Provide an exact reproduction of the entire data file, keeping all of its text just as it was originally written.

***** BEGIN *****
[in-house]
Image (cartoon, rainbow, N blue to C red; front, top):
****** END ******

[in-house]
Image (cartoon, rainbow, N blue to C red; front, top):